We threw our syllabus out the window today to talk about the act of racism and violence that happened on Tuesday night. We opened up class by giving students a space to talk about what happened. They engaged in a very intellient, respectful, productive conversation. They leaned in and they leaned out. Most importantly, they challenged each other. Honestly, when I added my thoughts at the end, it wasn't as eloquent or productive as anything that the students had said. Michaela led the conversation, and did a really great job. We said: Anger is an appropriate response to racism. We said: We're sorry. We're sorry this happened and continues to happen. We said: Here are the action steps we take every day to work toward racial justice. Here's how you can work toward racial justice too.
Our guiding questions this week were: How do we use technology to communicate best? What sounds and words mean the most to you?
We started off by having them share the "mini stories" they wrote last week as part of a interviewing practice/village building activity. I didn't think they would be as excited to share them as they were. The mini stories were really good, and they all said they had fun writing them. (Which was good, because I honestly almost didn't have them do it. They had a lot of homework, so I almost took that assignment off. But they all said they really liked it.)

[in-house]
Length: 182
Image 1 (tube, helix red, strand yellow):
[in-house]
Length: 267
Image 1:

Then we talked about their listening homework. They listened to Inside Planned Parenthood from the podcast Death, Sex and Money. The episode is basically a series of interviews, and you hear Anna Sale, the host, asking all the interview questions, so it's a great example of good interviewing. It's also a good example of a reporter covering a controversial topic well.
Then we talked about their reading homework. They read my favorite chapter of Out on the Wire called: "The Heat of their Breath: Character and Voice." I pulled the following quotes to discuss:
- Great tape - emotional tape, tape that rings true, that's funny, that's interesting - that is the only truly essential building block of this kind of radio (90)
- We're always chasing the moment of awe (94)
- Get the mind and the heart synchronized with the voice (96)
- You're not going to get me to care about it unless I can relate to it on a basic human level. (88)
- If your ideas don't inhabit a form, they're just like smoke, you can't grab them (89)
- I want to experience the world as ideas flowing through people (89)
Then, finally, we broke out their audio kits! We explained what was in the audio kits, how to use them, and we talked more about how to interview effectively. Every week I think class ends at 10 AM, but it actually ends at 9:50 and two students have class at 10, so every week I go over time. They were supposed to conduct their first interviews this week, but we pushed it back because we don't think they're quite comfy enough with the equipment or their story ideas yet to go out and interview. Instead, they're setting up interviews this week, and conducting them next week.
A gaggle of students stayed after class to talk through their story ideas, and that was awesome. They're getting somewhere. We're moving. Shit will get real when they start interviewing next week!